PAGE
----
Benjamin Kunkel

  • After the Flood

    BENJAMIN KUNKEL: The scenario of your book is different from our own world, although our present is increasingly resembling the future of The Wall (Norton, $26). Could you outline the world of the novel?

    JOHN LANCHESTER: It’s about an island nation where climate change and massive displacement of population mean that the whole island is surrounded by a five-meter-high concrete wall. Everybody in the country, every citizen, has to spend a two-year period standing guard on the wall to prevent what they call the Others, displaced people from other parts of the world, from getting into the country.

  • culture February 24, 2017

    The Capitalocene

    How is the ecological predicament of the 21st century to be conceived of? Politically, how is it to be confronted, and by whom? The basic features of the problem are plain enough, when you can stand to look. Universal carbon pollution, known by the mild term ‘climate change’, is already distempering the seasons with bounding extremes of heat and cold, and magnifying storms and droughts; increasingly, it will spoil harvests, spread tropical diseases, and drown coastlines.

    How is the ecological predicament of the 21st century to be conceived of? Politically, how is it to be confronted, and by whom? The basic features of the problem are plain enough, when you can stand to look. Universal carbon pollution, known by the mild term 'climate change', is already distempering the seasons with bounding extremes of heat and cold, and magnifying storms and droughts; increasingly, it will spoil harvests, spread tropical diseases, and drown coastlines. (Less well known is the threat of more frequent earthquakes and volcanic eruptions.) Excess carbon dioxide in the air, partly

  • What We Learned From Sebald

    In literature, too, imports testify to appetites unsatisfied by the home market. Over the past decade and a half, literary people in the US have developed passions for a series of foreigners: W. G. Sebald, Roberto Bolaño, Karl Ove Knausgaard, now Elena Ferrante. The genius and originality of these writers is evident enough but can’t explain why they, and not others of comparable stature, became examples, obsessions. Is there something we’ve needed that we could only get from abroad?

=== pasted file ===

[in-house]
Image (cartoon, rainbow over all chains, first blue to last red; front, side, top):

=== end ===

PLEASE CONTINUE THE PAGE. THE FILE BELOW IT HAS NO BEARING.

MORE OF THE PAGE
An answer might start with Sebald, the German writer of poetry, criticism, and, above all, simultaneously lyrical

  • culture March 27, 2014

    Autobiography of Red

    To the disappointment of friends who would prefer to read my fiction—as well as of my literary agent, who would prefer to sell it—I seem to have become a Marxist public intellectual. Making matters worse, the relevant public has been a small one consisting of readers of the two publications, the London Review of Books and n+1, where all but one of these essays first appeared, and my self-appointed role has likewise been modest.

    Benjamin Kunkel reflects on what led him to his preoccupation with Marxist—or "Marxish"—political economy, in this excerpt from Utopia or Bust: A Guide to the Present Crisis, his new collection of essays.

    To the disappointment of friends who would prefer to read my fiction—as well as of my literary agent, who would prefer to sell it—I seem to have become a Marxist public intellectual. Making matters worse, the relevant public has been a small one consisting of readers of the two publications, the London Review of Books and n+1, where all but one of the essays in Utopia or Bust first appeared,

  • culture May 03, 2012

    Forgive us our debts

    Most analysts divide postwar capitalism into two periods. The first extends from the late 1940s into the 1970s. The end of the second appears to have been announced by the crisis – at first a ‘financial’ crisis, now often a ‘debt’ crisis – that broke out in 2008. The precise boundary between the postwar eras gets drawn differently depending on which feature of the terrain is emphasised. In terms of overall growth rates, it was with the recession of 1973-74 that the surge after the Second World War gave way to deceleration across the wealthy world. Intellectually, Milton Friedman’s Nobel Prize